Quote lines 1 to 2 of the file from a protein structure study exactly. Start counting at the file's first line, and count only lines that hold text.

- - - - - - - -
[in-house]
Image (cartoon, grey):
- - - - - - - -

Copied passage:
[in-house]
Image (cartoon, grey):